There are some hankies that just need to be hankies. I happen to think the Bullfighter Hankie above is one of them. It came to me in a box with over a hundred other hankies, from a woman who had collected them her whole life. She received and gave hankies as gifts for all occasions. She bought them as souvenirs when she traveled. She used some and kept others neatly folded, safely stored away.
I’ve seen hankies for sale on Ebay and ETSY, so know there are collectors out there who would love some of the hankies I have. But it wouldn’t be right for me to sell hankies that were given to me, so now I have a safe and loving place to send the hankies that I feel should just be hankies. I’ll run them by Ann and see what she thinks (being she’s a hankie expert) if she wants them I’ll be happy knowing they’ll be in a safe place where they can be enjoyed and seen by other hankie lovers.
Thanks to so many of you, the first day of my Kickstarter Project “Reclaiming Vintage Hankies” has been very successful. I’m over 50% funded. I’m already thinking of making all the rewards for the pledges. (Positive thinking, half way there is still half way to go. I’m seeing my glass half full). Kim, who helps me sew my scarves (I design them all and she sews them together) is still recovering from shoulder surgery, but she’ll be all better by the time I get to work on fulfilling my pledges. And I’m going to need her help.
I’ll also have some note cards printed of my work for some of the rewards. I made note cards once years ago, using photos of my quilts. This time I’ll make them from photos of my wall hangings. If they look anything like my business cards, I’ll be very happy.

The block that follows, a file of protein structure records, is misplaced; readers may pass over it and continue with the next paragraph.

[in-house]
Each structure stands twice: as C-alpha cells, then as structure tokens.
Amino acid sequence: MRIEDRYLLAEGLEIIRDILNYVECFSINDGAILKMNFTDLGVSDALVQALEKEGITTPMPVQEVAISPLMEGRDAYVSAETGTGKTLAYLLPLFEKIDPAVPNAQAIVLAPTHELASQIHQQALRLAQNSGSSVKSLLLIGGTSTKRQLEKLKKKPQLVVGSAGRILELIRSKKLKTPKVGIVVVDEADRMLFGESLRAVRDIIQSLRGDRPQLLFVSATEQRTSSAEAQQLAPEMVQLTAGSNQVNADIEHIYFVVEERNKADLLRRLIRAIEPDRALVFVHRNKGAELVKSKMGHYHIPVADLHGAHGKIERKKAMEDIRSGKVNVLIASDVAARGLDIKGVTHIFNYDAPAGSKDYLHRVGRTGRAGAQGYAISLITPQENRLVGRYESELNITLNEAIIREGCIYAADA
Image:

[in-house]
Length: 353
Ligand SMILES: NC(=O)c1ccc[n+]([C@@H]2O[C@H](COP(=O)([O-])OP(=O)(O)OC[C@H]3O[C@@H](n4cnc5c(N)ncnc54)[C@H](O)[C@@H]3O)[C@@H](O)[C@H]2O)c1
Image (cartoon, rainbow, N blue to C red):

One of the benefits of doing something new like a Kickstarter Project is that it opens me up to new creative ideas. Making the note cards is one of them. I’m also going to be using some parts of the torn and worn hankies to make potholders. And I have not doubt that I’ll have some more new ideas by the time my project is realized.
It was a stormy night for an art reception, but there was a nice crowd at the Round House Cafe to see Jon’s and George’s Photo Show. George showed a video of his interviews on the BBC and CBS from the 1980′s and Jon gave a short talk about George. It was a sweet evening.
Jon and George have sold some photos already and we’re replacing some of them with new photos. So the show is constantly changing. The Round House Cafe is at 1 Washington Street, Cambridge NY and the photos will be up through March. So even if you couldn’t make it to the reception, there’s still plenty of time to see all those wonderful pictures and have a delicious lunch while you’re there.
The wood is in the shed. My Kickstarter Project “Reclaiming Vintage Hankies” has been approved. It will go live tomorrow. And I’ll let you know all about it when it does. And now we’re off to Jon and George’s Opening Reception for their photo show “Looking at our World” at the Round House Cafe. It’s a good day.
We got a load of wood yesterday and there’s some rain and snow coming tonight so Jon and I (with some help from our friend Jack) will spend the day stacking wood. I rarely take a day away from my studio to do this kind of work, but we need to get the wood in the shed before it gets covered with snow and ice. Luckily it’s a beautiful day here today. Sunny and warm (may even get up into the low 40′s!) a good day to be outside. (Maybe nice enough for those Zombie Hens to come out of the roost)